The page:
Several reports have attributed autoerotic stimulation, mental illness, drug or alcoholic intoxication as the more common reasons for self-insertion of a foreign body into the urethra. [1],[2],[3],[4],[5],[6] This is to our knowledge probably the first reported case of foreign body in the male urethra resulting from the very unusual practice of using a foreign body as an improvised 'itchstick' in the urethra for an itchy urethral condition. There is, however, a report of a young female with urethral itch who used knitting needle to scratch around the urethral with subsequent loss into the bladder. [10] There is no consensus presently on the role of psychiatric consultation in these patients; some have advocated that for optimal management psychiatric evaluation is required for all while others insist there is only a need in patients with prior or documented psychiatric problems. [9],[11],[12]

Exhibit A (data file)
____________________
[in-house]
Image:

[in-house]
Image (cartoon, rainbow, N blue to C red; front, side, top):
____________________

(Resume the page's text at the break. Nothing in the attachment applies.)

An itchy urethral condition resulting from Enterobius vermicularis (pin worm) infestation of the lower urinary tract has been reported and this resolved with use of antihelminths. [13] We did not find microbiological evidence of pin worm in our patient; however, due to the suggestive clinical history, we empirically treated him with Albendazole. The urethral swab we obtained grew K. pneumoniae which may have been the cause of the itchy urethral condition as there was resolution of symptoms following treatment with sensitive antibiotics.